Columbia Sportswear CMO: Three Steps To A Future-Proof Brand

In its first-ever Investor Day, Columbia Sportswear offered a peek into its three-year growth plan, hinging on an ambitious annual growth rate of between 9% and 11%.

It plans to get there with a refocused marketing strategy, increasing emotional connections with consumers, switching up its go-to-market approach, and enriching omnichannel experiences.

Much of that starts with “focusing on a younger, more diverse group of consumers,” says Pri Shumate, senior vice president and Columbia chief marketing officer, in the webcast presentation. “We have a deep belief in the power of the outdoors. We are doubling down on who we are and how we unlock the outdoors for everyone, connecting on a more emotional level.”

Changing its go-to-market strategy, Coloumbia is focusing on separate activities with direct outreach to anglers, hikers, trail runners and people who love snow. “This more vertical approach will allow us to better build community and connect, and welcome more people into the brand,” Shumate, says.



Specific innovations, however, will continue to be marketed brand-wide. “We’re going to own sun protection, waterproofing and breathables, and traction,” she says.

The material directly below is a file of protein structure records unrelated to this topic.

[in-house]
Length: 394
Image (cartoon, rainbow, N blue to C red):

Shumate, who joined the company six months ago from Airbnb, says the commitment to experience will include expanding its Tough Mother Outdoor Guide, making it a central part of its content offering. “We want to add value and make things simpler. Any time consumers come in contact with us, we have to give them something to believe in,” she says. “The goal is not just to click through and visit once, but often. We are well positioned to be a nonjudgmental trusted friend.”

Columbia, based in Portland, Oregon, says it will also fuel its sales through three core areas: footwear, international expansion and digital sales growth. That includes high hopes for Sorel, its boot brand. It expects those sales to gain between 20% to 22% each year.

It expects to reach annual net sales of between $4.5 billion and $4.7 billion by 2025.

Not everyone is convinced Columbia can pull that off. Jonathan R. Komp, an analyst who follows the company for Baird, calls its growth forecasts ambitious, especially given rising economic pressures.

He continues to rate the company as neutral and was encouraged that it reaffirmed its full-year forecast of between $3.44 billion to $3.5 billion, a growth of between 10% to 12% compared to last year.

He sees plenty of growth potential. “We believe Columbia’s attractive portfolio of purpose-led brands is positioned to capitalize on secular outdoor/active industry tailwinds and rising preference for comfort/casualization,” he writes in his research note following the event. He thinks it can “maintain leading product innovation at broadly appealing price points.”

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